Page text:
Junot Diaz is having a good month; so far he has won $500,000 from the MacArthur grant people, and he was nominated for the National Book Award for fiction.
I can't stand Diaz's writing. I've tried to read all his books, and can't get past the first few pages. This makes me feel weird, because I like to think I can read anything, and if many people like a writer, then I should too. But it hasn't worked out well between Diaz and me.
Diaz has a unique voice in his prose; that's as fair as I can be about his work. It's apparent from his first sentences that a "unique voice" is present. What he doesn't have--at least to me--are interesting characters involved in interesting stories. I'm tired of voices, and the trend of so-called literary people demanding "unique literary voices" in fiction.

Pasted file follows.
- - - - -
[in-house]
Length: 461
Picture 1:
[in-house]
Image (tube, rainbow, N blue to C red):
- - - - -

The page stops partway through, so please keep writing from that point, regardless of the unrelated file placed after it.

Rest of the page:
Whenever I think about EM Forster (and I do that a lot these days, don't ask me why) I think about Lucy Honeychurch from A Room with a View. I think about all she thinks and says and does in that book, a book that is wrongly viewed as a lesser achievement than Howards End and A Passage to India, other Forster novels. Lucy is unique. Her voice, and not Forster's, matters to me. Forster, at times, interject his narrator's voice, but only to advance his characters or to clumsily interrupt the story. In truth, I never think about Forster; I think about Lucy.
A voice might win prizes, but it can also annoy the hell out of a reader.